A bit forced but heartfelt, the Angolan film "The Hero" airs some of the serious social problems of the physical and emotional wounds that war leaves behind.
By JOSHUA TANZER
The hero in "The Hero" is not one anymore. Today, having lost one leg to a land mine and waited months for a prosthesis, he walks past signs that say "NO JOBS" and wonders if this is what he gets for his 20 years fighting the Angola war.
He's officially a hero. He carries a government document officially attesting to the fact, which he thrusts in the face of a foreman at a construction site.
|Directed by: Z•À¸z•À¸ Gamboa.|
Written by: Pierre-Marie Goulet, Carla Baptista.
Cast: Neuza Borges, Patr•À¸cia Bull, Maria Cei•À¸a, Milton "Santo" Coelho, Makena Diop, Prospero Joao, Ra•À¸l Ros•À¸rio.
In Portuguese with English subtitles.
|Walter Reade Theater
Lincoln Center, 65th St. between Broadway and Amsterdam
Wed March 23 at 8pm
Museum of Modern Art
53rd St. (between 5th and 6th Ave.)
Thu March 24 at 6pm|
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"You're a hero," the foreman admits, "but I need normal men."
This Angolan film is hardly perfect the writing is somewhat awkward, and the acting is forced, by Western standards. (Most disconcerting is the lead performance by Makena Diop, a Senegalese actor who delivers his lines in French and is dubbed into Portuguese.) But it succeeds in its essential purpose: showing all the ways the country's people are broken by war and venturing a vision of how it can be put back together. As an awareness-raiser, it is certainly worthwhile.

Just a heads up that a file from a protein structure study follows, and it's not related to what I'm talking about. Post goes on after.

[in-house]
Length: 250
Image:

Through the literally wounded Vitorio, we also encounter a number of other "wounded" characters. Judite is a bartender slash hostess slash seamstress slash comfort girl, propelled into a self-destructive life after the disappearance of her 12-year-old son, possibly kidnapped into combat years before. When she goes to a park to stand in the line of relatives of the disappeared to plead for information about her boy, she uses her real name, Maria Barbara, instead of her "nom de guerre."
Meanwhile, Manu, a boy just slightly older than her missing son, is drawn into the story's web when the old soldier's leg goes missing and winds up in the kid's possession. He lives with his curmudgeonly grandmother since his parents disappeared, and he's growing up in a hornet's nest of angry, violent, parentless kids where gangs are a constant threat.
Director Z•À¸z•À¸ Gamboa and writers Pierre-Marie Goulet and Carla Baptista want us to know certain things about their postwar country, and despite the film's obviousness, it does tell meaningful stories. It illustrates the many ways war rends society not only the deaths but the ruined economy, the once-strong men returning maimed and the children growing up parentless and rootless. And it ends with a sense of hope that Angolans will find ways to put their shattered selves back together.
|MARCH 23, 2005|
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